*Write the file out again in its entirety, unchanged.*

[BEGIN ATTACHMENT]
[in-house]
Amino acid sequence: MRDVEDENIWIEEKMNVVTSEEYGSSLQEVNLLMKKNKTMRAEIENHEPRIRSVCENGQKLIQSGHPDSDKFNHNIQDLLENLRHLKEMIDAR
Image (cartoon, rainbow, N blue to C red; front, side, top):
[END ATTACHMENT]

[in-house]
Amino acid sequence: MRDVEDENIWIEEKMNVVTSEEYGSSLQEVNLLMKKNKTMRAEIENHEPRIRSVCENGQKLIQSGHPDSDKFNHNIQDLLENLRHLKEMIDAR
Image (cartoon, rainbow, N blue to C red; front, side, top):